Certainly, the garbage collector stands out as one of the most crucial components of the execution engine. In this context, our focus will be on describing how memory is organized to facilitate effective management.
A program becomes valuable only when it generates a result, and inevitably, it needs to declare variables and allocate memory to store information at some point.
- The execution engine can anticipate the space it requires in advance, such as when dealing with simple types like integers. Conversely, certain data types, including custom classes or built-in types like strings or arrays of objects, do not allow for such straightforward inference.
- The compiler might only ascertain at runtime the specific location to store variables and reserve memory at that moment (dynamic allocation). If the compiler can determine the variable's lifetime, especially if it is local to a procedure, it becomes simpler to understand when the variable will no longer be necessary (i.e., when deallocation can occur). Conversely, data may persist beyond the call to a function or subroutine and endure indefinitely.
The disparity between a variable's lifetime and the space known in advance to be required necessitates the distinction between two memory areas. Although this differentiation is not obligatory, it has become universally accepted and implemented. A programming language that chooses not to adopt this abstraction may face the risk of fading into obsolescence, but it's essential to acknowledge that alternative schemes are conceivable. Moreover, it's crucial to note that this perspective is solely valid within the context of the execution engine. From the operating system's standpoint, everything eventually boils down to memory chunks allocated somewhere.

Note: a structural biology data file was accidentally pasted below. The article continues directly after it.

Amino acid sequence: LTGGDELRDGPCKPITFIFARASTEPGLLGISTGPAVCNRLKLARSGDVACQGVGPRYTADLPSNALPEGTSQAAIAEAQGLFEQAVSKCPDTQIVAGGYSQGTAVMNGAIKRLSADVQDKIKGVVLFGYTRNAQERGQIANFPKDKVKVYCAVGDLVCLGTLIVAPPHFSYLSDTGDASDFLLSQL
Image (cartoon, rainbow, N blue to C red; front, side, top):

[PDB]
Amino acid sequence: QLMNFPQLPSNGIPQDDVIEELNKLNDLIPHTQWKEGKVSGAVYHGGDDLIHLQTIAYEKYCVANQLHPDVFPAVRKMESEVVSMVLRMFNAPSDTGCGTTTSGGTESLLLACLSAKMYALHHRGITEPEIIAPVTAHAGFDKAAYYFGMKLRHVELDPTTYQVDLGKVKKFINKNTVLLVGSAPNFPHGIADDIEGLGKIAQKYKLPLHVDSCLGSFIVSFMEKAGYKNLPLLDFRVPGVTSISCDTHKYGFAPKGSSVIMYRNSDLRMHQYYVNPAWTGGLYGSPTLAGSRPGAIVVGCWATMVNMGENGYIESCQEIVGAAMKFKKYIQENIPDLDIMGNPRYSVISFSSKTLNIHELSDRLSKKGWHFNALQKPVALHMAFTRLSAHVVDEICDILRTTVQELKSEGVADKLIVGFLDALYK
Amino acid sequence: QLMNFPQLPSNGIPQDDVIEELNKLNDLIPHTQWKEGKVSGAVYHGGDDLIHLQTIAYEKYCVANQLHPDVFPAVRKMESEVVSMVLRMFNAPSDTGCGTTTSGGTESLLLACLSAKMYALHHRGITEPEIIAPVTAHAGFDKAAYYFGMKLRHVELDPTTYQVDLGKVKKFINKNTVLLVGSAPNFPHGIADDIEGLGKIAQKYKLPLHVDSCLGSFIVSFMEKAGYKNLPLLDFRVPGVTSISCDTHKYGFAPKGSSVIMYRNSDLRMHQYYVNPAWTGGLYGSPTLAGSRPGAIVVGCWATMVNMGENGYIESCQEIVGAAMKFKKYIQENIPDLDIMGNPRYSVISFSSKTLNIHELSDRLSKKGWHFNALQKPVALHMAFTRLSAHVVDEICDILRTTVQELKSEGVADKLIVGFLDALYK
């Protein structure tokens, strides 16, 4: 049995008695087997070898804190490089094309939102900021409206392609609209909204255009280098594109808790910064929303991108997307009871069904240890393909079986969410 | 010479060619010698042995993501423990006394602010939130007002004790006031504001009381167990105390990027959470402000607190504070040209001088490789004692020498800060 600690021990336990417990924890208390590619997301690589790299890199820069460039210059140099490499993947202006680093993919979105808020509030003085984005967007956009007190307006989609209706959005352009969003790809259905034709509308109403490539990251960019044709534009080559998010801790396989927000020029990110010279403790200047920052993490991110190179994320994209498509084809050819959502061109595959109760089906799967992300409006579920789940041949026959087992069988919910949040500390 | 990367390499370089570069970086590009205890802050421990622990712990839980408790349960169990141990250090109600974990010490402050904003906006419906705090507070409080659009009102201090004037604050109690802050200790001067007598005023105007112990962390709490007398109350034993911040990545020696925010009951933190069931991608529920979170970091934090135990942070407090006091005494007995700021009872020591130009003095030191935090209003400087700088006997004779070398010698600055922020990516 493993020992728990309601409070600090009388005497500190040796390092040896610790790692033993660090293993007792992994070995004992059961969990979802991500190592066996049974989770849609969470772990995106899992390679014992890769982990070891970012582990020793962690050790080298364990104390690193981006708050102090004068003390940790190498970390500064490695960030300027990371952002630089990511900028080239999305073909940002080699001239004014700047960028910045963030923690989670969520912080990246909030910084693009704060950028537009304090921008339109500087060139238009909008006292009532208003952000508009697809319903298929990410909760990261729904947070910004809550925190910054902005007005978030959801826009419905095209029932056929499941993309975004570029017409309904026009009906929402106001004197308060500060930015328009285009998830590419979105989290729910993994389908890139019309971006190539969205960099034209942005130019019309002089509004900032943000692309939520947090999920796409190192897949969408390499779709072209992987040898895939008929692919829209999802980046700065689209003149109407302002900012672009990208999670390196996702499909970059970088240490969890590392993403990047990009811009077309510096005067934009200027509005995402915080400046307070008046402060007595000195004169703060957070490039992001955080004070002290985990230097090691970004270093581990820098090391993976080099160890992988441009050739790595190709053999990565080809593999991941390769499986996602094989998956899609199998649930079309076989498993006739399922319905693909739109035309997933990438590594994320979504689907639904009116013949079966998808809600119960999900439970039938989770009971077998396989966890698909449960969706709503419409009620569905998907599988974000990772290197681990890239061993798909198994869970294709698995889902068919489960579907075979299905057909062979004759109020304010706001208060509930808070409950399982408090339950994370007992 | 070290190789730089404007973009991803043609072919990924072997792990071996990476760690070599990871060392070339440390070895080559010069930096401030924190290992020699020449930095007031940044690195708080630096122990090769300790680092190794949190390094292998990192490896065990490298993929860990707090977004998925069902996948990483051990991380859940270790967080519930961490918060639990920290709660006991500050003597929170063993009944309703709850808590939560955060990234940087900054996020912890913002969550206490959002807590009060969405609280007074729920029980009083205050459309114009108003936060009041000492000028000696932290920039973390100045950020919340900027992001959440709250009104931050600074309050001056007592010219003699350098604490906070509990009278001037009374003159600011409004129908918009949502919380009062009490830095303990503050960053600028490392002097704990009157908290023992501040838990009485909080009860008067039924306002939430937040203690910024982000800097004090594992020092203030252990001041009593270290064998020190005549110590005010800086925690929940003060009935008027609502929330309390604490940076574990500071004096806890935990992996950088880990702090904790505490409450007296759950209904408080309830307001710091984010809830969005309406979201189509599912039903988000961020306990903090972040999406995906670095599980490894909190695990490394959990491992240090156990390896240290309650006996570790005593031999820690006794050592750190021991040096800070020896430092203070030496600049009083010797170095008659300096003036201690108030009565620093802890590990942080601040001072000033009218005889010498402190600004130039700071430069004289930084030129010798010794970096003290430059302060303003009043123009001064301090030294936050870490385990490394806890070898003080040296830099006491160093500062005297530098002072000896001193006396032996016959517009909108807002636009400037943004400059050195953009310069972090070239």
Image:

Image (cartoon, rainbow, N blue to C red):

When the execution engine can anticipate the lifetime of a variable and infer the required space, it allocates it in a memory area internally referred to as the stack.
In other cases, where the lifetime cannot be definitively decided or the required space is unclear, the execution engine allocates variables in memory areas referred to as the heap.
Disclaimer: This depiction provides only a basic overview of what stacks and heaps are in various programming languages, and purists may find it oversimplified. It is by no means an official definition, as there could be various implementations and interpretations of these abstractions. The key takeaway is the necessity to delineate two memory areas at the execution engine level to facilitate efficient memory management.
How is this series organized, and what approach will we take in our progression ?
Our objective is to model the execution engine in C# with a specific emphasis on the garbage collector. To achieve this, we will need to abstract certain concepts such as the execution engine, the heap, the stack, and the compiler. This is the focus of the next article.